Dynamic analysis of platelet deposition to resolve platelet adhesion receptor activity in whole blood at arterial shear rate.

Pugh N, Bihan D, Perry DJ, Farndale RW - Platelets (2014)

PM quantifies integrin activation under flow conditions. Whole blood was pre-treated with carrier (A), 300 µM DM-BAPTA-AM (B) or 5 µM GR144053 (C), before perfusion at 1000 s−1 over coverslips coated with combinations of CRP, VWF-III and one of a panel of integrin α2β1-adhesive peptides of varying affinities. PM was calculated as before. For clarity, only GFOGER, (○), GMOGER (•) and GPP10 (•) are shown. Other data sets (GLOGER and GAOGER) are shown in Supplementary Figure S2. End-point measurements were calculated as described in the text, Plateau (D), Decay constant (E) and ZV50 (F). Blood was pre-treated with: Carrier (□), 5 µM GR144053 (▪), 300 µM DM-BAPTA-AM (▪).
© Copyright Policy - open-access
Related In: Results  -  Collection

License
Show All Figures
getmorefigures.php?uid=PMC4389707&req=5

Figure 2: PM quantifies integrin activation under flow conditions. Whole blood was pre-treated with carrier (A), 300 µM DM-BAPTA-AM (B) or 5 µM GR144053 (C), before perfusion at 1000 s−1 over coverslips coated with combinations of CRP, VWF-III and one of a panel of integrin α2β1-adhesive peptides of varying affinities. PM was calculated as before. For clarity, only GFOGER, (○), GMOGER (•) and GPP10 (•) are shown. Other data sets (GLOGER and GAOGER) are shown in Supplementary Figure S2. End-point measurements were calculated as described in the text, Plateau (D), Decay constant (E) and ZV50 (F). Blood was pre-treated with: Carrier (□), 5 µM GR144053 (▪), 300 µM DM-BAPTA-AM (▪).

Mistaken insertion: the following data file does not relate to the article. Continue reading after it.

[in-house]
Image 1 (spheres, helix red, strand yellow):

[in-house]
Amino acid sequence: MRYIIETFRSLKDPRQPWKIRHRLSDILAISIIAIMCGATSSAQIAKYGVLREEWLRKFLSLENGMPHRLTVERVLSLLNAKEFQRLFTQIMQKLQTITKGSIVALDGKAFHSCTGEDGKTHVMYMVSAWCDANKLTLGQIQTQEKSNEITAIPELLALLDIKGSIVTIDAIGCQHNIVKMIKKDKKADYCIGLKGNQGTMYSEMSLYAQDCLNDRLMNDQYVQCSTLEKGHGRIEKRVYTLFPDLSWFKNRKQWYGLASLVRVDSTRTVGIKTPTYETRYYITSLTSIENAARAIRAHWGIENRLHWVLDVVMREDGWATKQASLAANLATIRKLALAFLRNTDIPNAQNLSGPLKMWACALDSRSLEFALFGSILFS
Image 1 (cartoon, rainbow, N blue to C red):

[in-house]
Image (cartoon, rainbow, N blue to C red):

Mentions: Within this overall framework, PM profiles can be used to resolve the role of the collagen-binding integrin α2β1 in thrombus deposition. Experiments were conducted using surfaces coated with a series of GxOGER-containing peptides with differing affinity for α2β1, in combination with VWF-III and the GpVI-specific collagen-related peptide (CRP) [6]. The different PM profiles reflected the known affinities of the peptides for α2β1 (Figure 2A and D; Supplementary Figure S1). Perfusion of whole blood over surfaces including GPP10, the inert control peptide, or GAOGER, the low-affinity integrin ligand, resulted in gradual reductions of PM. PM fell more rapidly using surfaces including the higher affinity peptides, GFOGER and GLOGER, indicating stable adhesion, while the mid-affinity GMOGER yielded an intermediate PM profile. PM curves from the different surfaces converged, showing Plateau (an end-point parameter) to be unsuitable to resolve the role of α2β1 (Figure 2D). The differences in PM are reflected in significantly higher decay constants with GFOGER and GLOGER than on the lower affinity peptides, GMOGER, GAOGER or GPP10 (Figure 2E).

Bottom Line: On collagen, PM falls exponentially to a low level, corresponding to firm platelet adhesion, while on other substrates, PM remains high.Different receptor-specific thrombogenic surfaces reveal that the PM time constant reflects real-time changes in integrins αIIbβ3 and α2β1 activity.This ensemble kinetic analysis has the potential to provide valuable diagnostic information about platelet thrombus formation with both academic and clinical applications.

View Article: PubMed Central - PubMed

Affiliation: Department of Biochemistry, University of Cambridge , Cambridge , UK .

ABSTRACT
Platelet activation is traditionally quantified using turbidimetric aggregometry, which reflects integrin αIIbβ3 activity, an important determinant of platelet function during pathophysiological thrombus formation. However, aggregometry does not recreate the shear conditions prevailing during thrombosis in vivo. Here we describe novel whole-frame analysis of real-time video microscopy to quantify platelet adhesion receptor activity under shear in parallel-plate flow chambers. We demonstrate that the rate of change of surface coverage (designated Platelet Population Mobility, PM) quantifies platelet mobility. On collagen, PM falls exponentially to a low level, corresponding to firm platelet adhesion, while on other substrates, PM remains high. Different receptor-specific thrombogenic surfaces reveal that the PM time constant reflects real-time changes in integrins αIIbβ3 and α2β1 activity. This ensemble kinetic analysis has the potential to provide valuable diagnostic information about platelet thrombus formation with both academic and clinical applications.

Show MeSH
Related in: MedlinePlus